A HISTORIAN has vowed to continue her search for three missing photographs of World War One diggers linked to iconic former Bendigo business the Beehive.
Descendants of one Eaglehawk digger have already come forward with their ancestor's picture after Brenda Stevens-Chambers used local radio stations to call for images that would help restore the precious piece of Bendigo's history.
She was astonished by the high number of descendants contacting her with information about George Speedy, who served with the Australian army in France during the dying days of World War One.
"He worked in the Beehive, first in the men's section and then selling furniture. He was there for a very long time," Ms Stevens-Chambers said.
Speedy's image was one of 15 added to a veteran honour board displayed prominently on a landing between two floors of the Beehive complex.
Ms Stevens-Chambers is yet to track down any descendants of the final three people whose images she needs to restore the honour board, which she plans to donate to the Bendigo Soldiers Memorial Institute.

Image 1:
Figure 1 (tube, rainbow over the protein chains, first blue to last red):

She found the honour board in a secondhand shop in Inglewood in October.
Ms Stevens-Chambers is hoping the public can help her find photos of:
- C. Wood, who was killed in action in April of 1918 and won the Military Medal
- R. Jenkins, who was killed in action in December of 1916
- J.A. Williams
The blood-stained battlefields of World War One left an indelible mark on the Beehive and its staff.
Of the 15 diggers featured on the board of honour, five were killed in action.
Ms Stevens-Chambers believed that was a high loss of life even by the particularly deadly standards of World War One.
One of those killed was store manager R.O. Henderson, who had left his job in 1915 to help the war effort and received the Distinguished Service Medal.
He was the son of a Beehive business co-founder and his family received news of his death in September 1918, a few months before the war drew to a close.
Ms Stevens-Chambers said the wider loss of life among early 20th century Australia was just as profound.
"It was a massive loss to our young nation of all those young men. I know I grew up with all these stories from my great-aunts and mother about my great-uncle, Henry Foster Midgley of Baine Street Bendigo, who died of wounds in Flanders on 2nd August 1917," she said.
Those with information can call 5443 4886.